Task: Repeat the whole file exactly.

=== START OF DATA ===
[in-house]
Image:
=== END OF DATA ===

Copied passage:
[in-house]
Image: